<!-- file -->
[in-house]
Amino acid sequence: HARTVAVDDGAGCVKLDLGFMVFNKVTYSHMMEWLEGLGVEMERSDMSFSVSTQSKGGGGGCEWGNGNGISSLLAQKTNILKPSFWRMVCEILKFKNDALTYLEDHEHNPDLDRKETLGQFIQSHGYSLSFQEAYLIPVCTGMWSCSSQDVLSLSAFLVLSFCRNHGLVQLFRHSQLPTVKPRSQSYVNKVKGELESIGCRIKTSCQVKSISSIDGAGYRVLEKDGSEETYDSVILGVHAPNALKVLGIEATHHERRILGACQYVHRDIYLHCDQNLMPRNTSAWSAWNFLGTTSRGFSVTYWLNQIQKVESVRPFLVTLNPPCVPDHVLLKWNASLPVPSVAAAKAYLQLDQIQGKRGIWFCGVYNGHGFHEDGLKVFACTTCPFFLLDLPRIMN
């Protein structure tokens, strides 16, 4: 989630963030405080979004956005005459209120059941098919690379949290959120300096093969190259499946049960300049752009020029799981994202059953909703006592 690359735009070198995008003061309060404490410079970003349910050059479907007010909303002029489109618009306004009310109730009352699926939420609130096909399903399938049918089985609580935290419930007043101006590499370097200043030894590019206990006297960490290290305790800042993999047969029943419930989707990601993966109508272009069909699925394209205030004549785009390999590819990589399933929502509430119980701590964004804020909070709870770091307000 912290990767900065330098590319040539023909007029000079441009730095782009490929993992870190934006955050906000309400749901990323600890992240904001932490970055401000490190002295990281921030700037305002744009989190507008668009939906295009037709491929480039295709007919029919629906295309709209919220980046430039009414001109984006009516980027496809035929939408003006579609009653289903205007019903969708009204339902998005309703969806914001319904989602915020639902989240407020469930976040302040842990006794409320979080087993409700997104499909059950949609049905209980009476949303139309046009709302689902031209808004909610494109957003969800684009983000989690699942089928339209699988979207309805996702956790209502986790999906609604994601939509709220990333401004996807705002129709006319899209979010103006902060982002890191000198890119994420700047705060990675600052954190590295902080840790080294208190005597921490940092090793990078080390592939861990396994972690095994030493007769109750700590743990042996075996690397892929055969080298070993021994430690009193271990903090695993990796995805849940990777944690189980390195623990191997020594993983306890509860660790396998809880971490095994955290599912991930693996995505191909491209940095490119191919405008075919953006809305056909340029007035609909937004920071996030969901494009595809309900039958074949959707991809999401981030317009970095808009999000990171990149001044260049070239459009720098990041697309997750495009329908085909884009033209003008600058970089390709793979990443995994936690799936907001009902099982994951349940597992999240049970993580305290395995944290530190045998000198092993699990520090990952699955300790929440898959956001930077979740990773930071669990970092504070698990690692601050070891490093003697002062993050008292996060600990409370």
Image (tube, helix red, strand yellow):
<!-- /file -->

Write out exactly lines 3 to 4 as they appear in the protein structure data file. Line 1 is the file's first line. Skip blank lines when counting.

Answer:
């Protein structure tokens, strides 16, 4: 989630963030405080979004956005005459209120059941098919690379949290959120300096093969190259499946049960300049752009020029799981994202059953909703006592 690359735009070198995008003061309060404490410079970003349910050059479907007010909303002029489109618009306004009310109730009352699926939420609130096909399903399938049918089985609580935290419930007043101006590499370097200043030894590019206990006297960490290290305790800042993999047969029943419930989707990601993966109508272009069909699925394209205030004549785009390999590819990589399933929502509430119980701590964004804020909070709870770091307000 912290990767900065330098590319040539023909007029000079441009730095782009490929993992870190934006955050906000309400749901990323600890992240904001932490970055401000490190002295990281921030700037305002744009989190507008668009939906295009037709491929480039295709007919029919629906295309709209919220980046430039009414001109984006009516980027496809035929939408003006579609009653289903205007019903969708009204339902998005309703969806914001319904989602915020639902989240407020469930976040302040842990006794409320979080087993409700997104499909059950949609049905209980009476949303139309046009709302689902031209808004909610494109957003969800684009983000989690699942089928339209699988979207309805996702956790209502986790999906609604994601939509709220990333401004996807705002129709006319899209979010103006902060982002890191000198890119994420700047705060990675600052954190590295902080840790080294208190005597921490940092090793990078080390592939861990396994972690095994030493007769109750700590743990042996075996690397892929055969080298070993021994430690009193271990903090695993990796995805849940990777944690189980390195623990191997020594993983306890509860660790396998809880971490095994955290599912991930693996995505191909491209940095490119191919405008075919953006809305056909340029007035609909937004920071996030969901494009595809309900039958074949959707991809999401981030317009970095808009999000990171990149001044260049070239459009720098990041697309997750495009329908085909884009033209003008600058970089390709793979990443995994936690799936907001009902099982994951349940597992999240049970993580305290395995944290530190045998000198092993699990520090990952699955300790929440898959956001930077979740990773930071669990970092504070698990690692601050070891490093003697002062993050008292996060600990409370």
Image (tube, helix red, strand yellow):